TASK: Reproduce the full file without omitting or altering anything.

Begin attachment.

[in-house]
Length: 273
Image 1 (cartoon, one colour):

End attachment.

[in-house]
Length: 273
Image 1 (cartoon, one colour):